October 5, 2022

Old Lyme’s Rowing Program Sees Three of Its Own Selected to US Team for 2022 World Championships in Czech Republic

Lyme-Old Lyme High School (LOLHS) graduate Hannah Paynter, seen here rowing in the 2021 Head of the Charles, has been selected as an Alternate for the US team at the 2022 World Rowing Championships. Photo submitted.

OLD LYME — Three rowers with strong Old Lyme connections have been selected for the US roster for the 2022 World Rowing Championships, which are scheduled to be held Sept. 18-25 in Račice, 25 miles north of Prague in the Czech Republic.

Liam Corrigan, a 2014 LOLHS graduate, has been chosen as a member of the US Men’s Eight for the 2022 World Rowing Championships. Photo submitted.

Liam Corrigan, whose parents have now live in Lyme after spending many years in Old Lyme, has been selected for the US Men’s Eight boat. Corrigan is a Class of 2015 Lyme-Old Lyme High School (LOLHS) graduate, who went on to Harvard University, and now rows with the California Rowing Club.

Hannah Paynter, who also graduated from LOLHS in 2015 and whose family lives in Lyme, has been selected as a US team Alternate. She attended Princeton University, where she received numerous rowing awards, and currently trains with the Advanced Rowing Initiative Of the Northeast (ARION) program based in Saratoga Springs, N.Y.

The third rower, Dominique Williams, lives in Madison, Conn. but trained for four seasons with the Old Lyme-based Blood Street Skulls. He has been chosen to row in the US Men’s Quad boat. After graduating from Daniel Hand High School, he went to the University of Pennsylvania and now trains with the Vesper Boat Club in Philadelphia, Pa.

The 2021 Tokyo Olympics saw Corrigan along with Old Lyme native and 2010 LOLHS graduate Austin Hack row in the US Men’s Eight boat, which ultimately just missed out on a medal coming in fourth in the final.

Hack was the only returning member of the 2021 US Men’s Eight, having been part of the 2016 US Men’s Eight team, which came in fourth in the Rio de Janeiro Olympics in Brazil. Hack, whose family still lives in Old Lyme, has now retired from competitive rowing.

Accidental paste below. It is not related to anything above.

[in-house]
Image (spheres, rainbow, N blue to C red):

Austin Hack (third from right) looks to his right at the end of Heat 1 in the US 8+ Olympic championship at  Tokyo.

And if you go back beyond Hack, there are several other Olympians, who came through the ranks of the Blood Street Sculls/Old Lyme Rowing Association. In 2008, Andrew Bolton was an Alternate for the Men’s Lightweight Four and in 2012, Sarah Trowbridge rowed in the Women’s Open Double Sculls.

In fact, since record-keeping was initiated in 1997, over 100 athletes in Old Lyme rowing programs have gone on to  represent their university in collegiate rowing competition

So how does a small rowing program in a tiny town continue to produce world-class rowers  on such a regular basis?

Paul Fuchs

We asked Paul Fuchs of Old Lyme that question. He was well-placed to respond since he is is a longtime board member of the Blood Street Sculls, Director of Rowing, and also the LOLHS Girls’ Varsity Rowing Coach. An accomplished rower himself, Fuchs holds the men’s lightweight course record for Head of the Charles, and competed on seven US World Championship teams. He has coached at both the Olympic and World Championship levels.

A nautical architect by profession, Fuchs is also Chairman of the US Rowing Equipment and Technology Committee and, in that capacity, will be traveling to Račice for the 2022 Rowing World Championships.

Coincidentally, Nobuhisa Ischizuka, who rows as an adult member of the Blood Street Skulls, is the President of US Rowing and also lives in Old Lyme. He too will be going to Račice.

To answer our question, Fuchs explains that, “Since we’re a small place and rarely have enough people to make a full boat of fast people,” the goal of the club is not only to teach the students to row well, but also, “to develop in them a love of the sport,” and [in some cases] a desire, “to go further with it”

Fuchs says evocatively, “We want them to get involved [with rowing], stay involved … and  evolve.”

He also commends the coaches for the program’s effectiveness, saying, “We’ve got a great group of coaches that know what they’re doing,” noting, “We all really pride ourselves on what the students are achieving.”

Another key part of the Blood Street Skulls philosophy, which helps students overcome tension and keeps them focused on enjoying the sport, relates to stress. “We don’t believe in burning them out,” emphasizes Fuchs, adding, “We want them to leave loving the sport … and if they happen to have have good high school scores, that’s good too.”

The latter point relates to the fact that several of the, ‘”Eight or nine rowers,” who started their rowing careers with Blood Street Sculls, went on from high school in 2022 to row at college with financial scholarships in hand. Four 2022 LOLHS graduates were planning to continue rowing at college.

Asked his personal feelings on the success of the Blood Street Sculls rowing program, Fuchs responded, “I just like that we’re producing something that a lot of people like. The kids are accomplishing stuff, they’re learning stuff, but most importantly, they’re having fun.”

Editor’s Note: i) Hearty congratulations to all three rowers!

ii) We have corrected the location of the World Championships thanks to a reader, who kindly pointed out they are taking place in Račice in the Czech Republic, and not Prague itself. We apologize for the error.


  1. David Kappes says

    The Championships are being held in Racice not Prague. There is a difference.